Malaysia

An eye-opening experience

By Josephine Gan
May 01, 2012

MAY 1 —  I won't be writing about police brutality or aggressive protestors. Instead I am going to share with you what an eye opener Bersih 3.0 had been.

I thought I was just going for a rally to stand up, or in this case, sit down for my rights. I, like many other Malaysians, am very unhappy with the government or at least how things are being run. I complain about it to my friends and vent it out online like a true keyboard warrior.

So when I heard that there will be a Bersih 3.0, I decided to be more proactive and go for it. I didn't want to be one of those that complains day in and day out yet too scared or really just can't be arsed to do something about it. Basically, if I was going to talk the talk, I should walk the walk.

You should know that this is my first time ever attending a protest. I've only read or seen videos about it. Needless to say I was excited. Thanks to my excitement that brought on my research I attended Bersih 3.0 well equipped.

My friends and I gathered at Masjid Jamek/Jalan Tun Perak area. I honestly didn't know what to expect from this rally but in my naive little mind, I was hoping for some action.

When we arrived there were already quite a number of people on the streets. People from all walks of life; varying in age, gender and race were there. The atmosphere was filled with excitement and everyone seemed to be happy. Everyone was polite to one another, everyone was gathered for the same cause. We chanted, we sang, we just had fun.

Bersih 3.0 is not associated with any political parties but of course there are parties who tries to take advantage of the situation and insert their political views into things. For example; while a fellow was leading a chant,   we all repeat after him when in regards with "Bersih" and "Hidup Rakyat" and some people chose not to chant after him when he brought up BN (Barisan Nasional). It really goes to show that a lot of the supporters were not there due to any political ties but there in hoping that the upcoming General Election will be a fair one.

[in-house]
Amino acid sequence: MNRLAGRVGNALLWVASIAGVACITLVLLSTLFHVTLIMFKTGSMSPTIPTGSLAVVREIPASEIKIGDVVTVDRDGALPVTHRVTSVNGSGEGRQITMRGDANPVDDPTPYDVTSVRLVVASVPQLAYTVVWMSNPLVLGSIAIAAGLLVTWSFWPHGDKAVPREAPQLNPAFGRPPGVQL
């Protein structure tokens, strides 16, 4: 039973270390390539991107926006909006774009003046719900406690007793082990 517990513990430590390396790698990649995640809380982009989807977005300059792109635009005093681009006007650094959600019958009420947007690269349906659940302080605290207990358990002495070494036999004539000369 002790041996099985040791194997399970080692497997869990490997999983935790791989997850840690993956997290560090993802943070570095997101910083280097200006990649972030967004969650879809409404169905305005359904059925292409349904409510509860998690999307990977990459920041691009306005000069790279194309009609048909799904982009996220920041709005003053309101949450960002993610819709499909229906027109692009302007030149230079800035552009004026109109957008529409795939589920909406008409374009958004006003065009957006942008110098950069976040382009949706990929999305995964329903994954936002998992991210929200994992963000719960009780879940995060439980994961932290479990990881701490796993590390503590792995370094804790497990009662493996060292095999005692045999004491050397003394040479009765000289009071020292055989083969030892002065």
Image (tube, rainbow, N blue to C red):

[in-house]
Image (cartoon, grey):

After a while, we decided to make our way to Dataran Merdeka. When we got there, the place was jam packed. We made our way through the crowd, trying to get as close to the front as possible. The sun was scorching, there was no cloud in the sky. It was hot, everyone was sweating and it's a little hard to breathe. You'd think that because of this, people will get agitated and rude but instead they weren't.

There was no pushing or shoving, yes it was packed but at the same time it seem other protesters tried to give you space. When the PDRM started the water cannon, everyone in front was yelling for us to "Undur" and once the tear gas was fired it got chaotic. Everyone was running and trying to get as far away as possible. Regardless of that, nobody tried to push past us, no one was rough, there was no shoving.

A man was yelling "Wanita dan kanak2 dulu", others were shouting asking for people not to panic or run. Our biggest fear was a stampede and it seems everyone went out of their way to prevent that. My friend saw a lady fall and instead of being trampled over, people rushed to get her on her feet.